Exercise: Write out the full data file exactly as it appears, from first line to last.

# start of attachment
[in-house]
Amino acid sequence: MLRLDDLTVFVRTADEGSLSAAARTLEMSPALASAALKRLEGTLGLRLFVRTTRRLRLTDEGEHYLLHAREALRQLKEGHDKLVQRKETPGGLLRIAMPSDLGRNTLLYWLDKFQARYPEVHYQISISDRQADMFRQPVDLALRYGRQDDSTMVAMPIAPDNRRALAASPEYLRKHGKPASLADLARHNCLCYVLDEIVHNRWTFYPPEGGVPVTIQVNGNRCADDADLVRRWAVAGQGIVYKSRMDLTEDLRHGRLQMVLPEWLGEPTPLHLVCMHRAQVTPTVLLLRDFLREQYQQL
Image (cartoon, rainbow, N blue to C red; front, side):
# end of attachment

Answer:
[in-house]
Amino acid sequence: MLRLDDLTVFVRTADEGSLSAAARTLEMSPALASAALKRLEGTLGLRLFVRTTRRLRLTDEGEHYLLHAREALRQLKEGHDKLVQRKETPGGLLRIAMPSDLGRNTLLYWLDKFQARYPEVHYQISISDRQADMFRQPVDLALRYGRQDDSTMVAMPIAPDNRRALAASPEYLRKHGKPASLADLARHNCLCYVLDEIVHNRWTFYPPEGGVPVTIQVNGNRCADDADLVRRWAVAGQGIVYKSRMDLTEDLRHGRLQMVLPEWLGEPTPLHLVCMHRAQVTPTVLLLRDFLREQYQQL
Image (cartoon, rainbow, N blue to C red; front, side):